Solutions to tackle talent shortages proposed

Photo by Christina Morillo

Reeracoen forecasts that Singapore’s job vacancy to unemployed person ratio will continue to rise between 2.72 to 3.62, an all-time high since 2002 when records began.

Aside from unemployment rates, Singapore also faces an acute skills shortage. Estimates suggest Singapore will need to add another 1.2 million workers with digital skills by 2025  to remain competitive. A pandemic-driven rise in digital business models has only amplified the problem.

Particularly acute is the issue of youth unemployment in March 2022; it was 5%, well over the age of 30 to 49 at 2.5%.

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New recruiting advice for Singapore Employers

Reeracoen believes Singapore employers can close their workforce gap by revisiting their hiring strategies and expectations:

  • Use recruitment experts to help employers match suitable candidates and vice versa to find the right fit the first time.
  • Decrease entry skill requirements, invest in tools and in-house training instead.
  • Consider offering flexible working arrangements to allow for the hiring of semi-retired/ retired adults and stay-at-home parents.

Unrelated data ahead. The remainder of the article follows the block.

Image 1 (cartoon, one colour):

Commitment to diversity, inclusion, and equity

By lowering expectations and requirements while offering opportunities and upskilling, companies can broaden the hiring pool to include talent from outside their industry that can contribute to change or find new ways to succeed.

“We know of many Singapore workers who are seeking a career switch and fresh graduates trying to make a start in life,” says Reeracoen’s Regional General Manager, Mr. Kosuke Soejima,

“These talents may not have all the experience and skills needed for certain jobs yet, but with upskilling, we believe they can do a good job.”

Reeracoen itself has built an infrastructure that allows for hiring fresh graduates, professionals seeking a career switch, and SAHMs who wish to rejoin the workforce.

Reeracoen’s Group CEO, Mr. Kenji Naito, commented, “Our training program ensures that everyone graduates with the essential skills needed to be a good adviser. This model is a win-win for everyone and allows us to do our part to close the growing talent gap in Singapore and give back to the community we operate in by investing in its people.”